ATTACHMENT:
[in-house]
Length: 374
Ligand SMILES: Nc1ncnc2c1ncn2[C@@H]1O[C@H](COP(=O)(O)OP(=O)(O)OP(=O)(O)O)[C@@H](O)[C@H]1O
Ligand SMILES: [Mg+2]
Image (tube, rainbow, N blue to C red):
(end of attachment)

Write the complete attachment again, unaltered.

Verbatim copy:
[in-house]
Length: 374
Ligand SMILES: Nc1ncnc2c1ncn2[C@@H]1O[C@H](COP(=O)(O)OP(=O)(O)OP(=O)(O)O)[C@@H](O)[C@H]1O
Ligand SMILES: [Mg+2]
Image (tube, rainbow, N blue to C red):